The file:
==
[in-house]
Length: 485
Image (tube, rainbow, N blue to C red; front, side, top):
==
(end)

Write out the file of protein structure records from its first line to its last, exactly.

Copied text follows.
[in-house]
Length: 485
Image (tube, rainbow, N blue to C red; front, side, top):